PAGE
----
Monday, January 18, 2016

The Painter's Daughter by Julie Klassen


Somehow I found time to read a book. I'm not sure how or when it will happen again, but here are my thoughts on the one I chose to read and review.
 
I've always been a fan of Julie Klassen's books, especially since I love the time period she captures.
The Painter's Daughter seemed a bit different from her other novels, yet I still enjoyed reading about Captain Overtree and Miss Dupont and the struggles in which they found themselves.
 
The story started off slowly for me but did eventually gain my interest. Sophie Dupont is a unique heroine by the fact that she's not all that likeable at first, at least not to me. She's naïve and definitely a poor judge of character. I'm not sure what attracted her to the other Overtree brother besides his supposed good looks, but I longed for her to get over him.
Captain Stephen Overtree was gallant enough, but their connection took longer for me to understand. The "chemistry", you might say, wasn't there for me.
 
Still, the plot ruled the day because I did in fact desire to know how everything would tie together. Would Wesley find out about the baby? Would Sophie's pregnancy end well?
As a pregnant woman myself, I was fascinated.
 
While not my favorite Klassen novel, I liked The Painter's Daughter well enough, and other readers will surely like it more.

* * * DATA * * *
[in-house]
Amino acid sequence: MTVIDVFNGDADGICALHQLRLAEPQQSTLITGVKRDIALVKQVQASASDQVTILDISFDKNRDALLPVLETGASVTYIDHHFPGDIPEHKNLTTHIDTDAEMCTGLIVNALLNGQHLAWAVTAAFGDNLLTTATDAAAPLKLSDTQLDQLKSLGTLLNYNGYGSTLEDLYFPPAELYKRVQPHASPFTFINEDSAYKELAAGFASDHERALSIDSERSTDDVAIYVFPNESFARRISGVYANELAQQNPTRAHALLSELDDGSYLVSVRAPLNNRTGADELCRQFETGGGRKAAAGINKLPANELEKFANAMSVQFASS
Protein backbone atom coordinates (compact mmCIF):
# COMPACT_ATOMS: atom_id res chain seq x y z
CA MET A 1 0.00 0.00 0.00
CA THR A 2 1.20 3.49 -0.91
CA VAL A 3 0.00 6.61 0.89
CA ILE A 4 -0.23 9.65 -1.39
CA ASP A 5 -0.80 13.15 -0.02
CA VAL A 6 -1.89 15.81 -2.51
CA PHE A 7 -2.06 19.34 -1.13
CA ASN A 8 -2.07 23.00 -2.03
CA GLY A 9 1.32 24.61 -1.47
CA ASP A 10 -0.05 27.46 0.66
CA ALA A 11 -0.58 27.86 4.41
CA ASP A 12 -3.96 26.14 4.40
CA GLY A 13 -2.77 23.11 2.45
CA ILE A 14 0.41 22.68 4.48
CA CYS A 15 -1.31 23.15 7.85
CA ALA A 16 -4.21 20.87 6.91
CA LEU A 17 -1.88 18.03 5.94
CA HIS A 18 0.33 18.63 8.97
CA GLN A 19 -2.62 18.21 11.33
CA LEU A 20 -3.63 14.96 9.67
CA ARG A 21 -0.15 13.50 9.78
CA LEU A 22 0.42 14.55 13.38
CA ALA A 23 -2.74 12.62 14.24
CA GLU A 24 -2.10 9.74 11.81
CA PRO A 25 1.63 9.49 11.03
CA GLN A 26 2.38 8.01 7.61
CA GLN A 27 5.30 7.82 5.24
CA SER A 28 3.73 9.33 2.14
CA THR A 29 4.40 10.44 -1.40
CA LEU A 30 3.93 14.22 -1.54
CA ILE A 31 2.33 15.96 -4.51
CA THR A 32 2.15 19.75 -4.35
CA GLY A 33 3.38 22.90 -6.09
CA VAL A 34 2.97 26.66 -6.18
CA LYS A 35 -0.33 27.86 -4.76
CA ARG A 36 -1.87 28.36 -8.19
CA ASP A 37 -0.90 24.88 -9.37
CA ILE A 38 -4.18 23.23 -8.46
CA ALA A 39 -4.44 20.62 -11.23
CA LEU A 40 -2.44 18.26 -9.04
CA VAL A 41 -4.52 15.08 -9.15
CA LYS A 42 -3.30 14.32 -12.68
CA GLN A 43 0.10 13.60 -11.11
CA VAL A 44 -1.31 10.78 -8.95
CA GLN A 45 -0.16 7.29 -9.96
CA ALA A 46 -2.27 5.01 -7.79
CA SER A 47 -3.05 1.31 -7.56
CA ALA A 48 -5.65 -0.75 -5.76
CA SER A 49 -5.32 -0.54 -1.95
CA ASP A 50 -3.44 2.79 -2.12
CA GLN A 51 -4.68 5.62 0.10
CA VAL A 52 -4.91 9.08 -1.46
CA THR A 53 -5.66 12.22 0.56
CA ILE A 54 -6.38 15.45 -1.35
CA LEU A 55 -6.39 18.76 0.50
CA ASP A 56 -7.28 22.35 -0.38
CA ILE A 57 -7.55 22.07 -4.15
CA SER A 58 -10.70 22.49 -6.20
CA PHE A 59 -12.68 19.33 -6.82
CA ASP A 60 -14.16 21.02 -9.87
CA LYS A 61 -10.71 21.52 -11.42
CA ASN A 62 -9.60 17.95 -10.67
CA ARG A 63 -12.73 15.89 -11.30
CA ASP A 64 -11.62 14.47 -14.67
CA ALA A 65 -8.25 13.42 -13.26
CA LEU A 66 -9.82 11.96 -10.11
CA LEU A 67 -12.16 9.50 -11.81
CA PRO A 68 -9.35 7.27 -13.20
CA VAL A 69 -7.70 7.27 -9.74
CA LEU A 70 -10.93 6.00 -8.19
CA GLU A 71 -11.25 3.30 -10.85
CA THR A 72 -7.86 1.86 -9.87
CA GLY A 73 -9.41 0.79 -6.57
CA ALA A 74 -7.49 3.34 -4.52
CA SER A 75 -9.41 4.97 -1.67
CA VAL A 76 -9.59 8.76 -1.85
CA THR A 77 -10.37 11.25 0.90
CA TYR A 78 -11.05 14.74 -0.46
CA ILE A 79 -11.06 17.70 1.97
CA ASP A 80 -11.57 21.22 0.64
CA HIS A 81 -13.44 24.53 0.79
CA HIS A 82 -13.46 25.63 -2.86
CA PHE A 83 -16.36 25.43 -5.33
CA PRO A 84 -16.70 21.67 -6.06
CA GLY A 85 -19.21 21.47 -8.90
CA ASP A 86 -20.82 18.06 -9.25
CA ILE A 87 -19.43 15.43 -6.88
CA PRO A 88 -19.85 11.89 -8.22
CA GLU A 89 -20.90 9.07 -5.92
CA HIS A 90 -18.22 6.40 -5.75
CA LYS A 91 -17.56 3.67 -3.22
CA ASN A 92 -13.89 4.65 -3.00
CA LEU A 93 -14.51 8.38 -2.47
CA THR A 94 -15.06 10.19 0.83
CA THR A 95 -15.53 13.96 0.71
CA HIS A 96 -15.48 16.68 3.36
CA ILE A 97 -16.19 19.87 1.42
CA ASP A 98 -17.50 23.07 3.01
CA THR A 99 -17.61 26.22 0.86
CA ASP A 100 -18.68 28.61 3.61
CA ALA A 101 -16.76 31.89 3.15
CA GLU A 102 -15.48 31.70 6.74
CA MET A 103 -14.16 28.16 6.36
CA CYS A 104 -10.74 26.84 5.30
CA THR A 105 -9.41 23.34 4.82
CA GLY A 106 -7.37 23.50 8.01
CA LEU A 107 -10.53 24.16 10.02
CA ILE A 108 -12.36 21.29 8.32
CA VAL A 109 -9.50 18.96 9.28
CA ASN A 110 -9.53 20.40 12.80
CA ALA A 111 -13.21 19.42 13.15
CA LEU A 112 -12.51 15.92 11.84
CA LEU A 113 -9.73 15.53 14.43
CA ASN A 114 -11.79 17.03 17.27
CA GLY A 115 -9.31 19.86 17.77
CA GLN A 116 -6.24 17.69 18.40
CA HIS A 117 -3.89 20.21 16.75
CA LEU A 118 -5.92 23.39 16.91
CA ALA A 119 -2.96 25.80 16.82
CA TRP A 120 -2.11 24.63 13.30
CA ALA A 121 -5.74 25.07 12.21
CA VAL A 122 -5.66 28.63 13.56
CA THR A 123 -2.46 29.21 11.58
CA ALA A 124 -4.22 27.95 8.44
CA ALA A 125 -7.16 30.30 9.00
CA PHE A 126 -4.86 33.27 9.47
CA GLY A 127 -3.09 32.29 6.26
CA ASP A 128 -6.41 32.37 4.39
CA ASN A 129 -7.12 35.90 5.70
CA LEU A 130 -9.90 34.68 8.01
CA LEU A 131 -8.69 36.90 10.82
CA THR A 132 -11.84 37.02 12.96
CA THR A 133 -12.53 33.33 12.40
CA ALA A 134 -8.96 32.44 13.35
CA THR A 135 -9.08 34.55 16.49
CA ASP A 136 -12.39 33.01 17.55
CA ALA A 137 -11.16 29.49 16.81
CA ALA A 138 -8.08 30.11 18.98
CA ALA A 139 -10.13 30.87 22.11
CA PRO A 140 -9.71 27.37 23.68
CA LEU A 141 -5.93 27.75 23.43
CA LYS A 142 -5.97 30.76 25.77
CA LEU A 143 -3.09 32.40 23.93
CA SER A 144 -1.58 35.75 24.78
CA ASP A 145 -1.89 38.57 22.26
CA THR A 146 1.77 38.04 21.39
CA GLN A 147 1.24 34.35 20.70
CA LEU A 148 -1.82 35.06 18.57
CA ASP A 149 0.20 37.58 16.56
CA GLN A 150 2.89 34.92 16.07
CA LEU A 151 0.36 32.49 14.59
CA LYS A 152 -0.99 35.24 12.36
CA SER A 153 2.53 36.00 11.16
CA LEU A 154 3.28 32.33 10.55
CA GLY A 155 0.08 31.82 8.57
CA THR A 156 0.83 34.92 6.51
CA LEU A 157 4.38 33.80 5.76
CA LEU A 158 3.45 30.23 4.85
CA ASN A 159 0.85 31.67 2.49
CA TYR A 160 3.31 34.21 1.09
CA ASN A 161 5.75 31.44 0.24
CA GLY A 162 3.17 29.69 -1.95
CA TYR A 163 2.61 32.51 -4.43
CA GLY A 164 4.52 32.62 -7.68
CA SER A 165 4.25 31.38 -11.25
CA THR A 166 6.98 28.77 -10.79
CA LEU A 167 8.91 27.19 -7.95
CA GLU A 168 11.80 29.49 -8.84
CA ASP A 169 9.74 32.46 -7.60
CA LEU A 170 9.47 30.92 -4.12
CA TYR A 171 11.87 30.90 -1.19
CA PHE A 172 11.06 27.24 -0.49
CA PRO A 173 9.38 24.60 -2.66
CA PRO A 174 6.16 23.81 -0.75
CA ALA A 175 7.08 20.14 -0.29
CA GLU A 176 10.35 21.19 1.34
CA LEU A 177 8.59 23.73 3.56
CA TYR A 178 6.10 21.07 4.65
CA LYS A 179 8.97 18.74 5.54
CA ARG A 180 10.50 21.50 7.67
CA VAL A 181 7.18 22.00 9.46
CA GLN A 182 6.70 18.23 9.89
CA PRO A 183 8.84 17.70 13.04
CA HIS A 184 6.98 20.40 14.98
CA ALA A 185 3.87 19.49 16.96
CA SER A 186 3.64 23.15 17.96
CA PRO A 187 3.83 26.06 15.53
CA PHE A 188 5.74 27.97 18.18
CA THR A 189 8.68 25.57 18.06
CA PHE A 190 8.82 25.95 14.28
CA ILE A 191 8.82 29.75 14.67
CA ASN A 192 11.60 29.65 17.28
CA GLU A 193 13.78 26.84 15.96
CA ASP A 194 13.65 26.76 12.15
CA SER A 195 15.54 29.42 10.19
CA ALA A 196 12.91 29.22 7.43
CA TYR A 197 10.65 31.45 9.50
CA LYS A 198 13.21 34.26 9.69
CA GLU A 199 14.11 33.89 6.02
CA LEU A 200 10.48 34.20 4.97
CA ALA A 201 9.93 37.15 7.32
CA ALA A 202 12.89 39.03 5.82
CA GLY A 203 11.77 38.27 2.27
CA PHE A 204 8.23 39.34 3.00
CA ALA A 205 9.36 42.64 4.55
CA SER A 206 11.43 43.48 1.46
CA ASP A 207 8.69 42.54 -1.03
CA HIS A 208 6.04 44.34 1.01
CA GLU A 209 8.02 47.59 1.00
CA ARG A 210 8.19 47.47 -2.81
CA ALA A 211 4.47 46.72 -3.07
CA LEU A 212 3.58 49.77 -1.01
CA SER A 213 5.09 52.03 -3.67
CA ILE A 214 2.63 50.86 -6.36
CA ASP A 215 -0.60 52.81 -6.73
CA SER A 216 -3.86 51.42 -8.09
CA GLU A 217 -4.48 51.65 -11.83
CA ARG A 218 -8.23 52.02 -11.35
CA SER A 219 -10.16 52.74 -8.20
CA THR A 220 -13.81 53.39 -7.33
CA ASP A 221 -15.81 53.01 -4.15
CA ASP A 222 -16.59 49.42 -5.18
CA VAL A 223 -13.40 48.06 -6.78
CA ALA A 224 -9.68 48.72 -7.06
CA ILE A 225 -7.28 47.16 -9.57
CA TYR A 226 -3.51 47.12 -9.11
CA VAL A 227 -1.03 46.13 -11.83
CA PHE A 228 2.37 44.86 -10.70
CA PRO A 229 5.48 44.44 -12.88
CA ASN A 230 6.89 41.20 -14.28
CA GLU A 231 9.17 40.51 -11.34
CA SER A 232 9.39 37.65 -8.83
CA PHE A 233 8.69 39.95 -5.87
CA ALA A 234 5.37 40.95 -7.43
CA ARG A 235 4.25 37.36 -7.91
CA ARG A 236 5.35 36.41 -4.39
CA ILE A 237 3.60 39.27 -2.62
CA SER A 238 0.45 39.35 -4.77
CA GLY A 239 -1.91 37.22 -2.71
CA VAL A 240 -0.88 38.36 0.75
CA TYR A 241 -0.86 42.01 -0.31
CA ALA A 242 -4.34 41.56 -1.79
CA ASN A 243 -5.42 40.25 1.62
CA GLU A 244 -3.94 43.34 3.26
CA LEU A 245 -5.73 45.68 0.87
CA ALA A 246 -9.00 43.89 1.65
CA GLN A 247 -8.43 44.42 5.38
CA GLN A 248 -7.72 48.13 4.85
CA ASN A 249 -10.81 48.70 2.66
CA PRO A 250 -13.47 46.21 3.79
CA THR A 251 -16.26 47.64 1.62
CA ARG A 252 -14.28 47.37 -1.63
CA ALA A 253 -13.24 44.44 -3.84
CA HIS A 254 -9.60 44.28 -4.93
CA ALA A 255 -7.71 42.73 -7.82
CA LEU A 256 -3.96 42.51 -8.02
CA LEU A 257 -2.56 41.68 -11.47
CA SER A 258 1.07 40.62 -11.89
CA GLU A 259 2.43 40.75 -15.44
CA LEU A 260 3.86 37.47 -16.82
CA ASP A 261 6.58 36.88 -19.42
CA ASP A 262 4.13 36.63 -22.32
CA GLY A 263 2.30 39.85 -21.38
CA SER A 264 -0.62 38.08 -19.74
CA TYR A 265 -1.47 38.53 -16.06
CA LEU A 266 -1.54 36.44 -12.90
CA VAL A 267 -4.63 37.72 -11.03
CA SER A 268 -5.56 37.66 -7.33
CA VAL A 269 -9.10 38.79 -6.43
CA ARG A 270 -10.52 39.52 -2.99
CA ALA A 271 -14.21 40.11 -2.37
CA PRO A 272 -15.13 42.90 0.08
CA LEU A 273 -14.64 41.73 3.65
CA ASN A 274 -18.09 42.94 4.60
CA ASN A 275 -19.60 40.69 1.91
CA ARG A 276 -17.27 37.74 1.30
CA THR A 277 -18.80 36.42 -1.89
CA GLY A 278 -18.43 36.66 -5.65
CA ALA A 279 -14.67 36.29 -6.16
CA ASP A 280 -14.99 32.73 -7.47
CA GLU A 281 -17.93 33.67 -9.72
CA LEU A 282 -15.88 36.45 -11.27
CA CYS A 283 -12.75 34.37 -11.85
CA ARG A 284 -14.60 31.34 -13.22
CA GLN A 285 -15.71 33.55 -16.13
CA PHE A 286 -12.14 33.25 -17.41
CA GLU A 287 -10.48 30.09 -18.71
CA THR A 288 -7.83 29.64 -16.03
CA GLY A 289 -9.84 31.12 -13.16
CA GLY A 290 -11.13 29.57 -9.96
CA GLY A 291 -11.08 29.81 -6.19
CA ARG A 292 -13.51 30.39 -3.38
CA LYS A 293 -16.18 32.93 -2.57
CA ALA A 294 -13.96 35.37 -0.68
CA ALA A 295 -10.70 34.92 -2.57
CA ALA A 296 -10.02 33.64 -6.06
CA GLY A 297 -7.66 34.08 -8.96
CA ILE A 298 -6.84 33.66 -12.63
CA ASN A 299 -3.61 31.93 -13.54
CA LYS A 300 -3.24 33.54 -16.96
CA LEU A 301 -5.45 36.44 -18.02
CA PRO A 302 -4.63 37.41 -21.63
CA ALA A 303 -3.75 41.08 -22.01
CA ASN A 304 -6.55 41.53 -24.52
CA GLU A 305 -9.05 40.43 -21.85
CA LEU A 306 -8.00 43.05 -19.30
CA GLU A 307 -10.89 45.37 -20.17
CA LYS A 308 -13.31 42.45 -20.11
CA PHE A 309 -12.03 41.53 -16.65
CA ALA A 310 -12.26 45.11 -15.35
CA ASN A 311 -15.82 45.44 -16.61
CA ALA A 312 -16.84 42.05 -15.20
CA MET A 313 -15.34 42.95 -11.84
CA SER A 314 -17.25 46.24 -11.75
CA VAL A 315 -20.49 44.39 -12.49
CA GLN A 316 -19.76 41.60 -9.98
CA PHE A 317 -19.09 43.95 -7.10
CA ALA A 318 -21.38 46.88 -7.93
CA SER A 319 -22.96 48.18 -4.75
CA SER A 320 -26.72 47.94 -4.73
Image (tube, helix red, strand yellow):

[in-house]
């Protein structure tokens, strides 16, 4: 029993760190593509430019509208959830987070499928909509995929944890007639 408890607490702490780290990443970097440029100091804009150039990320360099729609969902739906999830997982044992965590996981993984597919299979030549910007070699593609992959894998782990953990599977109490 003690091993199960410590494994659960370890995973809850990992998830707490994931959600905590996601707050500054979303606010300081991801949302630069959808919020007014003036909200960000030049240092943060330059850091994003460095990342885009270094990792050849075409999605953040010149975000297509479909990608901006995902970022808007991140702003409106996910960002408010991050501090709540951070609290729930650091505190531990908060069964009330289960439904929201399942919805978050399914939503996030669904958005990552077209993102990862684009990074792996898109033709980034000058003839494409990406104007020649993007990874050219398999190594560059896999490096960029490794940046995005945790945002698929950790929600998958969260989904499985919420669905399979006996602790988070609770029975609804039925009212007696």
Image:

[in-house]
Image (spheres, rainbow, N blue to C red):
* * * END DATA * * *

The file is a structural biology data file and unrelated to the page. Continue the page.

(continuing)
Like always, I'm looking forward to her next book.

 

From the Back Cover:

Sophie Dupont assists her father in his studio, keeping her own artwork out of sight. In private, she paints the picturesque north Devon coast, popular with artists--including Wesley Overtree, who seems more interested in Sophie than the landscape.
 
Captain Stephen Overtree is accustomed to taking on his brother Wesley's responsibilities. Near the end of his leave, he is sent to find his brother and bring him home. Upon reaching Devonshire, however, Stephen is stunned to learn Wesley has sailed for Italy and left his host's daughter in serious trouble.
 
Stephen feels duty-bound to act, and strangely protective of the young lady, who somehow seems familiar. Wanting to make some recompense for his own past failings as well as his brother's, Stephen proposes to Miss Dupont. He does not offer love, but marriage "in name only" to save her from scandal. If he dies in battle, as he fears, she will at least be a respectable widow.
 
Desperate for a way to escape her predicament, Sophie finds herself torn between her first love and this brooding man she barely knows. Dare she wait for Wesley to return? Or should she elope with the captain and pray she doesn't come to regret it?
 
 
*I received this book free from the publisher in exchange for my honest review.*
 


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